# A question in statistics around successive bounded operations

Hi,

I have no idea if the subject header is nonsense, but it’s all I could come up with.

A composer, Thom Johnson, in 1985 wrote a piece for piano called The Chord Catalogue (excerpts are here).

The work ostensibly–and I have no reason to doubt it–is a collection of every “chord” possible within the 13-note division of the notes including and between an octave.

Ie–and in this his numbering and conception of octave division is contrary to modern Serial notation, but:
c=1,c#=2,d=3, etc., till C above=13.

The first go-round, with one-note chords, gives exactly 13 separate chords; the last go-round gives one chord, with thirteen notes in it.

The go-rounds of the chords begins, as mentioned, with one-note chords. The next go-round is one consisting of two-note chords. Etc up to 13.

The pianist/composer claims 8178 chords once the whole shebang is played through.

Is this true?

What _I’d_like to see is figuring in all the different note-arrangements _within_each chord.

Something tells me that the procedures are simple (combinometrics is a cult in serial composition and analysis). But I certainly don’t know.

Leo

For each chord, each note can either be in it, or not in it. So you have 13 different choices between 2 alternatives each, for a total of 2^13 different chords. But that would be 8192 chords, not 8178-- I’m not sure why the discrepancy.

Also note that unless you include the empty chord (i.e., no notes being played at all), it’d only be 8191.

EDIT: Come to think of it, if you require that a chord have at least two notes in it, then you eliminate the empty chord and the 13 singleton chords, which brings you back down to the 8178 claimed.

And 3-note chords would be 3^13, etc?

What am I missing?

(BTW, including the singletons was my fault. The numbers/performance on total empty sets gets real weird, if John Cage is consulted.)

No Chronos has already done the 3 chord notes for you. The 2 to a power had nothing to do with the number of notes. 2 is the number of “states” for each note. Is it included or excluded. Think of pressing the piano keys down as being 1’s and not pressing them down as being 0s. Then you have a 13 digit binary number as he explained and there are 2[sup]13[/sup] of those, but you have to exclude the no note chord and the 13 one note chords.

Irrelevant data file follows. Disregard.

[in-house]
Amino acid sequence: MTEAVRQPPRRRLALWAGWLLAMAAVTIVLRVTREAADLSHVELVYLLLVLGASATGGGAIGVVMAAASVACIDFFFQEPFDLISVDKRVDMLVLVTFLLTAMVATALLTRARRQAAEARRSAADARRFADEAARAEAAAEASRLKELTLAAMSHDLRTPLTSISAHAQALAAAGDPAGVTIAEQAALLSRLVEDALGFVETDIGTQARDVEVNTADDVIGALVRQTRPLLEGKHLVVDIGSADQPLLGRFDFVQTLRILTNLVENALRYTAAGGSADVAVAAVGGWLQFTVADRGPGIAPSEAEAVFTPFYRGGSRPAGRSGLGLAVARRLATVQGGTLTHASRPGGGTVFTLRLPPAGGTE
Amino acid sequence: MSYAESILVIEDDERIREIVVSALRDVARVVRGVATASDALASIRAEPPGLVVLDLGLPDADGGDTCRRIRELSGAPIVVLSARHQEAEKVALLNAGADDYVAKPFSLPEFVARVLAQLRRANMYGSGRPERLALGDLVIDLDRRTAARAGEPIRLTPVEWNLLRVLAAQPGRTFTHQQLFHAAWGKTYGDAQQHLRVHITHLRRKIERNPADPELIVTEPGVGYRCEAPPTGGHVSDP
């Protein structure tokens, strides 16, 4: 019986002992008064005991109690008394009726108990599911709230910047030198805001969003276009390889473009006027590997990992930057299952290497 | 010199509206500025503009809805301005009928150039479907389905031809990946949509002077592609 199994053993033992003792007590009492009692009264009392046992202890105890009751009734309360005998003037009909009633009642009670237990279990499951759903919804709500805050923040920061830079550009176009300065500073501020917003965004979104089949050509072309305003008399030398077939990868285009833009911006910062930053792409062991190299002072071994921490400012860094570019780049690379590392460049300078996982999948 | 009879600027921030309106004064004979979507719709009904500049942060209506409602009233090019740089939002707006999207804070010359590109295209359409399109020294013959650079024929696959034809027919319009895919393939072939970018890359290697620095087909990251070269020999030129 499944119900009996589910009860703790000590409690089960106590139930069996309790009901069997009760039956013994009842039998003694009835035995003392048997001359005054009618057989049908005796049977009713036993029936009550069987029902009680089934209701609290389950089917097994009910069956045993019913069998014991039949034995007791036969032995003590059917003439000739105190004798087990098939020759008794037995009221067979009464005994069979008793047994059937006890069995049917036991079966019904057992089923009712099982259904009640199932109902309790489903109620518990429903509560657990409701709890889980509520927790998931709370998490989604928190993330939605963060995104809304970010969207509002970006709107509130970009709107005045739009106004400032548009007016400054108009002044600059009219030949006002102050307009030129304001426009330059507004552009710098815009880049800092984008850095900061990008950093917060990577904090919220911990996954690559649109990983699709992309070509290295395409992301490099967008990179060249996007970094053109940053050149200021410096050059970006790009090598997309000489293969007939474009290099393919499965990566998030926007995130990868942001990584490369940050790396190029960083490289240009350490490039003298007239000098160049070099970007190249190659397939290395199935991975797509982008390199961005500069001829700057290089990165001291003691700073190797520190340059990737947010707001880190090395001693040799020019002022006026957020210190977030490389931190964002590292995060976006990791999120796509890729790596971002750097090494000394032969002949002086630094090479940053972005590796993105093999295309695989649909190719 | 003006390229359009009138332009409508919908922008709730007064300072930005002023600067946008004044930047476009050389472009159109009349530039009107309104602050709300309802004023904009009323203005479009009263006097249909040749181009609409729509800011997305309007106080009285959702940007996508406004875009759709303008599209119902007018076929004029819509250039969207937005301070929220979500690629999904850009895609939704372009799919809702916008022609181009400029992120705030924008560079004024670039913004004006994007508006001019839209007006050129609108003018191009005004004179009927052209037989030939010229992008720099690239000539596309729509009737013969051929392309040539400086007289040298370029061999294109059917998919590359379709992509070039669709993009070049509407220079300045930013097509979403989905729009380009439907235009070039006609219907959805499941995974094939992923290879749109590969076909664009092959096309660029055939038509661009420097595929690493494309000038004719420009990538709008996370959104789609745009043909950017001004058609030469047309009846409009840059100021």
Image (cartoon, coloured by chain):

No, Chronos had it right. For each chord, there are 13 notes each of which can either be in it or not, giving 2[sup]13[/sup] possibilities (of which, he then excluded the empty chord and the one-note degenerate chords). That gets you all the 3-note chords, all the 4-note chords, all the 5-note chords, etc., up to all the 13-note chords (of which there is one).

This kind of set is called a power set. Given some initial set { a, b, c, … } (in this case, a set of 13 notes that can be in a chord), list ALL the possible sub-sets of that set. For n elements in the original set, there are 2[sup]n[/sup] such sub-sets (including the empty set and the full original set itself).

ETA: Although I wonder if the composition mentioned in the OP actually contains any 13-note chords. Did the pianist have to use all ten fingers/thumbs, his nose, his tongue, and some other appendage to play such chords?

Waitaminnit! Upon re-reading the OP, it says explicitly that the composition DOES include all the one-note chords and the 13-note chords! So why the number 8178 and not 8191?

NOW I want to know how the pianist played it? (See ETA to above post.) Could a female pianist have played this composition? :eek:

According to the names of the tracks of the CD, it breaks down to 7178 as follows:

But a chord " in music is any harmonic set of two or more notes that is heard as if sounding simultaneously" by definition according to wikipedia. Most dictionaries seem to require 3 notes.

We await Mr. Johnson’s next project — which will cover all 88 keys of a standard piano.